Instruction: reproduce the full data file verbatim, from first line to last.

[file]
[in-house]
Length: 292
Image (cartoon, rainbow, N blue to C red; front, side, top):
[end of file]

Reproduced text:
[in-house]
Length: 292
Image (cartoon, rainbow, N blue to C red; front, side, top):